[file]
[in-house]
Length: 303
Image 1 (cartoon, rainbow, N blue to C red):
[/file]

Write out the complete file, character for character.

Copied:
[in-house]
Length: 303
Image 1 (cartoon, rainbow, N blue to C red):